2017 Writers' Workshop Faculty and Visiting Writers
Amir Al-Azraki received his BA in English from the University of Basra, his MA in English literature from Baghdad University and his PhD in Theatre Studies from York University in Toronto, Canada. During the first years of the Iraq War (2003-2006), Al-Azraki, in addition to teaching English drama at the University of Basra, worked as a translator for various international news outlets such as The Dallas Morning News, later working for Al Mirbad TV and Radio run by the BBC World Service Trust. He taught modern drama as he was working on his dissertation “The Representation of Political Violence in Contemporary Plays about Iraq”. Al-Azraki is also a playwright; among his plays are: Waiting for Gilgamesh: Scenes from Iraq, Stuck, and The Widow. He teaches Arabic & Muslim drama at the University of Waterloo and most recently edited Contemporary Plays from Iraq: An Anthology published by Bloomsbury, London, UK in 2017.
Lady Borton holds three honorary degrees for her work on all sides during and after the American War in Việt Nam. She translated autobiographies by Hồ Chí Minh and Mme. Nguyễn Thị Bình (Paris Agreement signatory); General Giáp's memoir of Điện Biên Phủ; and the biography of General Giáp's childhood and youth. Lady was the foreign editor and a translator for the bi-lingual anthology of Vietnamese women's poetry, ancient to modern times. A revised edition will be out in October.
Lady has published three books about Việt Nam and edited many others, which have been published in Việt Nam. In August, Ohio University Press will bring out The Constant Listener, which Lady finished with and for her childhood friend, Susan Sibbet, who died in 2013. The Constant Listener, an imagined memoir written in the voice of Henry James’ last amanuensis as James wrote his prefaces and last works, recreates a beginning writer’s sense of James and his creative process.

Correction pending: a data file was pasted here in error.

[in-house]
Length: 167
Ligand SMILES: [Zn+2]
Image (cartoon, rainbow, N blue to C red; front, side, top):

Martha Collins’ most recent book of poetry, Admit One: An American Scrapbook, was published by Pittsburgh in 2016. She has also published seven earlier collections, including Day Unto Day, White Papers, and Blue Front, as well as four volumes of co-translated Vietnamese poetry. Collins has won numerous awards for her work, including an Anisfield-Wolf Award, a Laurence Goldstein Poetry Prize, and fellowships from the NEA, the Bunting Institute, the Witter Bynner Foundation, and the Siena Art Institute. Founder of the creative writing program at UMass Boston, she served as Pauline Delaney Professor of Creative Writing at Oberlin College for ten years and is currently editor-at-large for Oberlin’s FIELD magazine.
Sean Davis is the author of The Wax Bullet War, is a Purple Heart Iraq War veteran, and a community leader in Northeast Portland, Oregon. He is the winner of the Legionnaire of the Year Award from the American Legion in 2015 and the recipient of the Emily Gottfried Emerging Leader, Human Rights award for 2016. His stories, essays, and articles have appeared in the best selling Forest Avenue Press anthology City of Weird, Sixty Minutes, Story Corps, Flaunt Magazine, The Big Smoke, Human the Movie, and many more. Sean has fought in a revolution, a war, and helped save lives in New Orleans right after Katrina. He’s a wildland firefighter during the summers. He lives in the heart of the Alberta Arts District in NE Portland where he paints and writes plays, articles, and books. His forthcoming book Oregon on Fire is due out in 2019 with Arcadia Publishing.
Danielle Legros Georges is Boston’s Poet Laureate and professor in the Creative Arts and Learning Division of Lesley University. Her areas of interest include arts and education, contemporary American poetry, African-American poetry, Caribbean literature and studies, and literary translation. She is the author of two collections of poetry, Maroon (2001) and The Dear Remote Nearness of You (2016), and has presented her work and created poetry programming in Boston and internationally. She has received a number of literary awards and honors, most recently a 2015 Brother Thomas Fellowship and a 2014 Massachusetts Cultural Council Artist Fellowship in Poetry.